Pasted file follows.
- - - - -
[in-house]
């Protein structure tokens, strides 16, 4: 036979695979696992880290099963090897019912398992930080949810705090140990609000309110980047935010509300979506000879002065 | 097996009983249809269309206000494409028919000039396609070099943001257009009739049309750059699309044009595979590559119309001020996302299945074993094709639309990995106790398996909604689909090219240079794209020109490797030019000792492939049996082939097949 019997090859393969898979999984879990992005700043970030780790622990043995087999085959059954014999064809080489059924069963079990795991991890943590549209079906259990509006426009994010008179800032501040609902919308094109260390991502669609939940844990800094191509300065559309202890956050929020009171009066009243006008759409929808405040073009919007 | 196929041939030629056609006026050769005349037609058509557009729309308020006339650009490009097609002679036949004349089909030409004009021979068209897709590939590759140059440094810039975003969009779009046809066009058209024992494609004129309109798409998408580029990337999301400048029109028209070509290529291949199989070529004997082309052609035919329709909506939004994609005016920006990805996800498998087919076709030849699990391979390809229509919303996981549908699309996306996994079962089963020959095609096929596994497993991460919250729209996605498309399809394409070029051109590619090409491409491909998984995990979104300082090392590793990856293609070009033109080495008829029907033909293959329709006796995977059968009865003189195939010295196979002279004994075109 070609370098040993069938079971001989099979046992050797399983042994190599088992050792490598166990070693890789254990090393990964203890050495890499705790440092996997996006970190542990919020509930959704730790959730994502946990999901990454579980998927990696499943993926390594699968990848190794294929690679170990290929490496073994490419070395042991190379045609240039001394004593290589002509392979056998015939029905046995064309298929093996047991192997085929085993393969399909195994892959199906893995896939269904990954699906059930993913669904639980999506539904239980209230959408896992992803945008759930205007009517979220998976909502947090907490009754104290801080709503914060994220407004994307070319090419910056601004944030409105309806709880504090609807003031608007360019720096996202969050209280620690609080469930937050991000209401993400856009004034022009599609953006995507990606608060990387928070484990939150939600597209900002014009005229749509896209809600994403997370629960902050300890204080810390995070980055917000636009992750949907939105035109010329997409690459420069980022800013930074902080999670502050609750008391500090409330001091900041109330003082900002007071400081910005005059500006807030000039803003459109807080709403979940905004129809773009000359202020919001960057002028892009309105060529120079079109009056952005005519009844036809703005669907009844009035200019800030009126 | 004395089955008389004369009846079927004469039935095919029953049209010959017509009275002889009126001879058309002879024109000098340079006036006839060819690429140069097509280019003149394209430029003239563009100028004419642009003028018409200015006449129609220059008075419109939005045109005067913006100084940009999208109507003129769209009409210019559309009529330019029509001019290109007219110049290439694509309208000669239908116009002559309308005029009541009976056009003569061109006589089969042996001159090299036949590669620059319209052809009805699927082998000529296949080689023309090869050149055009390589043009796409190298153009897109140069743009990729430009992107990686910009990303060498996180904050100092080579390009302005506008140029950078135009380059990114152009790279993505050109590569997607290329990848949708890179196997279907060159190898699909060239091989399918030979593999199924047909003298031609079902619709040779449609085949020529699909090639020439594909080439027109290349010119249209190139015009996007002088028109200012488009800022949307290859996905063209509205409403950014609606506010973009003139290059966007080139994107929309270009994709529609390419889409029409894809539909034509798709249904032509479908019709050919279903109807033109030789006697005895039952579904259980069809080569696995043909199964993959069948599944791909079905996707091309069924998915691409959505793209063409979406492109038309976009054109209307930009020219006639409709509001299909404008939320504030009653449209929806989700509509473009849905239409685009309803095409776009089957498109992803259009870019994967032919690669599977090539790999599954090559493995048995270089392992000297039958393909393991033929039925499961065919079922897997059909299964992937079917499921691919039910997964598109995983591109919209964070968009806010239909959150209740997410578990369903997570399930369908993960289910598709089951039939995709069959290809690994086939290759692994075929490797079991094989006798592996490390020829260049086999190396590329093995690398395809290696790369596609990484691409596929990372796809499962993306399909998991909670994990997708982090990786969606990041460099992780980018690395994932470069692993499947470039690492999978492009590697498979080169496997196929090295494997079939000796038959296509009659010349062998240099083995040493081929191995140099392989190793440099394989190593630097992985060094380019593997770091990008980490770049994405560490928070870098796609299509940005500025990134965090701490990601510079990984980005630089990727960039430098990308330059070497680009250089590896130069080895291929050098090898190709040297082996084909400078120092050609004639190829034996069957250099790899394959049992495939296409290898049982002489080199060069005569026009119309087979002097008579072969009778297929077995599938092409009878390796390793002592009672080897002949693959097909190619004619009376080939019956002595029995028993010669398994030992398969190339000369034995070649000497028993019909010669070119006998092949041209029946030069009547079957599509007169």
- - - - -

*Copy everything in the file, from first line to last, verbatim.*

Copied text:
[in-house]
């Protein structure tokens, strides 16, 4: 036979695979696992880290099963090897019912398992930080949810705090140990609000309110980047935010509300979506000879002065 | 097996009983249809269309206000494409028919000039396609070099943001257009009739049309750059699309044009595979590559119309001020996302299945074993094709639309990995106790398996909604689909090219240079794209020109490797030019000792492939049996082939097949 019997090859393969898979999984879990992005700043970030780790622990043995087999085959059954014999064809080489059924069963079990795991991890943590549209079906259990509006426009994010008179800032501040609902919308094109260390991502669609939940844990800094191509300065559309202890956050929020009171009066009243006008759409929808405040073009919007 | 196929041939030629056609006026050769005349037609058509557009729309308020006339650009490009097609002679036949004349089909030409004009021979068209897709590939590759140059440094810039975003969009779009046809066009058209024992494609004129309109798409998408580029990337999301400048029109028209070509290529291949199989070529004997082309052609035919329709909506939004994609005016920006990805996800498998087919076709030849699990391979390809229509919303996981549908699309996306996994079962089963020959095609096929596994497993991460919250729209996605498309399809394409070029051109590619090409491409491909998984995990979104300082090392590793990856293609070009033109080495008829029907033909293959329709006796995977059968009865003189195939010295196979002279004994075109 070609370098040993069938079971001989099979046992050797399983042994190599088992050792490598166990070693890789254990090393990964203890050495890499705790440092996997996006970190542990919020509930959704730790959730994502946990999901990454579980998927990696499943993926390594699968990848190794294929690679170990290929490496073994490419070395042991190379045609240039001394004593290589002509392979056998015939029905046995064309298929093996047991192997085929085993393969399909195994892959199906893995896939269904990954699906059930993913669904639980999506539904239980209230959408896992992803945008759930205007009517979220998976909502947090907490009754104290801080709503914060994220407004994307070319090419910056601004944030409105309806709880504090609807003031608007360019720096996202969050209280620690609080469930937050991000209401993400856009004034022009599609953006995507990606608060990387928070484990939150939600597209900002014009005229749509896209809600994403997370629960902050300890204080810390995070980055917000636009992750949907939105035109010329997409690459420069980022800013930074902080999670502050609750008391500090409330001091900041109330003082900002007071400081910005005059500006807030000039803003459109807080709403979940905004129809773009000359202020919001960057002028892009309105060529120079079109009056952005005519009844036809703005669907009844009035200019800030009126 | 004395089955008389004369009846079927004469039935095919029953049209010959017509009275002889009126001879058309002879024109000098340079006036006839060819690429140069097509280019003149394209430029003239563009100028004419642009003028018409200015006449129609220059008075419109939005045109005067913006100084940009999208109507003129769209009409210019559309009529330019029509001019290109007219110049290439694509309208000669239908116009002559309308005029009541009976056009003569061109006589089969042996001159090299036949590669620059319209052809009805699927082998000529296949080689023309090869050149055009390589043009796409190298153009897109140069743009990729430009992107990686910009990303060498996180904050100092080579390009302005506008140029950078135009380059990114152009790279993505050109590569997607290329990848949708890179196997279907060159190898699909060239091989399918030979593999199924047909003298031609079902619709040779449609085949020529699909090639020439594909080439027109290349010119249209190139015009996007002088028109200012488009800022949307290859996905063209509205409403950014609606506010973009003139290059966007080139994107929309270009994709529609390419889409029409894809539909034509798709249904032509479908019709050919279903109807033109030789006697005895039952579904259980069809080569696995043909199964993959069948599944791909079905996707091309069924998915691409959505793209063409979406492109038309976009054109209307930009020219006639409709509001299909404008939320504030009653449209929806989700509509473009849905239409685009309803095409776009089957498109992803259009870019994967032919690669599977090539790999599954090559493995048995270089392992000297039958393909393991033929039925499961065919079922897997059909299964992937079917499921691919039910997964598109995983591109919209964070968009806010239909959150209740997410578990369903997570399930369908993960289910598709089951039939995709069959290809690994086939290759692994075929490797079991094989006798592996490390020829260049086999190396590329093995690398395809290696790369596609990484691409596929990372796809499962993306399909998991909670994990997708982090990786969606990041460099992780980018690395994932470069692993499947470039690492999978492009590697498979080169496997196929090295494997079939000796038959296509009659010349062998240099083995040493081929191995140099392989190793440099394989190593630097992985060094380019593997770091990008980490770049994405560490928070870098796609299509940005500025990134965090701490990601510079990984980005630089990727960039430098990308330059070497680009250089590896130069080895291929050098090898190709040297082996084909400078120092050609004639190829034996069957250099790899394959049992495939296409290898049982002489080199060069005569026009119309087979002097008579072969009778297929077995599938092409009878390796390793002592009672080897002949693959097909190619004619009376080939019956002595029995028993010669398994030992398969190339000369034995070649000497028993019909010669070119006998092949041209029946030069009547079957599509007169």